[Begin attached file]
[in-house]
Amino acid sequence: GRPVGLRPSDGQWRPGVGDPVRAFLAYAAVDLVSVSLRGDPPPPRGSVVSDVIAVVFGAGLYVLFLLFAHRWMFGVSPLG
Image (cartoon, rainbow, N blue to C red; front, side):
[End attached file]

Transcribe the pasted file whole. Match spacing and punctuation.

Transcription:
[in-house]
Amino acid sequence: GRPVGLRPSDGQWRPGVGDPVRAFLAYAAVDLVSVSLRGDPPPPRGSVVSDVIAVVFGAGLYVLFLLFAHRWMFGVSPLG
Image (cartoon, rainbow, N blue to C red; front, side):